The management of Fifth Street Finance Corp (FSC) faced renewed questions over class action lawsuits and shareholder demands for strategic changes at the $2.6 billion business development company (BDC), yesterday.
The BDC, whose investments are managed by an affiliate of Fifth Street Asset Management (FSAM), has been criticised for poor performance while enriching the external manager. It is also facing legal costs from a class action lawsuit, while RiverNorth Capital Management, an activist shareholder, has demanded strategic changes, including a new investment advisor and board members.
Fifth Street management has continued to say the lawsuits were filed without merit and that RiverNorth’s letter was “inflammatory and misleading”.
Speaking on the BDC’s third-quarter earnings call yesterday, Jonathan Bock, a senior analyst with Wells Fargo Securities, said: “Tell us which items you considered to be both inflammatory and misleading, because they seem to be pretty much statements of fact?”
Todd Owens, chief executive of FSC, did not directly answer the question, but said the firm continued to believe that FSAM was the right manager for the portfolio. “We have built, over 17 years, a very strong business that sources, originates and manages a portfolio of middle-market assets,” he said.
He added that the firm was open to having a conversation about the issues in the RiverNorth letter with shareholders, a point queried by Troy Ward, managing director and BDC analyst at Keefe, Bruyette & Woods: “It sounds like you’re only taking questions from analysts and not your shareholders, which I find a bit surprising, considering that three times on this call, you’ve said you’ve welcomed an open dialogue with your shareholders.”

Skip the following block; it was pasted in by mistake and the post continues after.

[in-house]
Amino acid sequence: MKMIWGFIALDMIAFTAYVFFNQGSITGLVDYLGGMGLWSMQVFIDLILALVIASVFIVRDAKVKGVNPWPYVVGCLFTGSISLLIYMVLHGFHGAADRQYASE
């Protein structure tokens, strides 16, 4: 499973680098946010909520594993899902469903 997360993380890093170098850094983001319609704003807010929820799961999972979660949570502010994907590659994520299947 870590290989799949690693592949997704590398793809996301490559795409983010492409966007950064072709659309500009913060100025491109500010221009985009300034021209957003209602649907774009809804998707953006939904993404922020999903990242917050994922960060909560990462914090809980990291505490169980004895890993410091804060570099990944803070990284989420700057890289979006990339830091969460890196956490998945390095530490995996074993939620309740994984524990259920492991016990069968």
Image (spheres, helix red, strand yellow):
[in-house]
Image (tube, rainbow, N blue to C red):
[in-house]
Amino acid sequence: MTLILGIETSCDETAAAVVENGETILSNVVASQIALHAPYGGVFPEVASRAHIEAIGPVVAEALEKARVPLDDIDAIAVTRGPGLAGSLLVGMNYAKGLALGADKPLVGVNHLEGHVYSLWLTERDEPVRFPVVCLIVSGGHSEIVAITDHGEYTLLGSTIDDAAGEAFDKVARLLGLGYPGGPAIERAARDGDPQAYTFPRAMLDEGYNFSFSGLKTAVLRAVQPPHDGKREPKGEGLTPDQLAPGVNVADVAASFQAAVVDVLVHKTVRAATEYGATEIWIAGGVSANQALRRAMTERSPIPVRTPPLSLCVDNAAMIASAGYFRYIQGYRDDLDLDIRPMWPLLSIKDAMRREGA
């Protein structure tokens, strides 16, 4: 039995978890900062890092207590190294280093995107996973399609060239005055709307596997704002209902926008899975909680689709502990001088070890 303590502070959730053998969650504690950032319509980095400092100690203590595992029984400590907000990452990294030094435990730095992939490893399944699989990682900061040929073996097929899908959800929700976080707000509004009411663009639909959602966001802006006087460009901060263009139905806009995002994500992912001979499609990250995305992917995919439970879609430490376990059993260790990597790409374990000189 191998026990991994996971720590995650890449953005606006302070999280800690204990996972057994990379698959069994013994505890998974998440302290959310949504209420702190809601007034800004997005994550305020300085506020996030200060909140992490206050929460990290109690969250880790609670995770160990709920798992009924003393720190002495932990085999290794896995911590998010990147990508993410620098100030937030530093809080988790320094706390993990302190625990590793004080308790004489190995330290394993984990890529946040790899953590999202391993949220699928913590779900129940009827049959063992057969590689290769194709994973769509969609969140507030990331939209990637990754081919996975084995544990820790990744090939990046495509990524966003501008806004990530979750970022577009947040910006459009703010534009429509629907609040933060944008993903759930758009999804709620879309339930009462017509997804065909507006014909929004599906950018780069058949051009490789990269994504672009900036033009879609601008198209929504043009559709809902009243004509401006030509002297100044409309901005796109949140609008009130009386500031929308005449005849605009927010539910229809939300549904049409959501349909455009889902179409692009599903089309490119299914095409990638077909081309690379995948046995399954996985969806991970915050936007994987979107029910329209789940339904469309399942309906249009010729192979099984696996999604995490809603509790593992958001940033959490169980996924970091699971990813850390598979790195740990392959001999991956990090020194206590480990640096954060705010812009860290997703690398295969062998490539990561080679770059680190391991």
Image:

In its prepared remarks, Fifth Street management said that it expected legal costs to rise, which would have a negative impact on earnings.
Asked whether that would result in a cut in dividends, Owens said that he was “comfortable” with the dividend level (18 cents per share, the same as FSC’s net investment income for the quarter) and being able to cover it going forward.
Wells Fargo’s Bock questioned why the legal costs should be borne by shareholders when the battle involved the external manager.
Steven Noreika, FSC’s chief financial officer, replied that costs would be borne by both the external manager and the BDC, but Fifth Street management did not know how they would be split or by how much the costs would rise.
RiverNorth’s letter raised concerns over the BDC’s significant underperformance compared with its peers, excessive compensation to the external manager and the potential harm from the legal actions.
According to the letter, FSC’s external manager was paid fees of $334.7 million between 2008 and 30 June 2015, during which time its book value declined from $13.20 per share to $9.13 per share.
Bock’s report following the earnings call suggested the manager would have to cut fees to appease investors and that while Fifth Street management said replacing the manager was not a likely outcome, such an outcome could be possible.
“To the extent RiverNorth submits a competing proxy to terminate the management contract, they simply need 50 percent of the outstanding shares voting in favor of termination,” Bock wrote.
The BDC also reported declining assets and income during the third quarter, while some portfolio companies saw markdowns, resulting in about $17.5 million in unrealised losses.
FSC has seen $134 million in realised losses since 2011, according to Bock. Assets dropped to $2.6 billion in the third quarter, a decrease of $82.6 million year-on-year. Net investment income fell to $28.2 million in the third quarter from $37.6 million a year ago.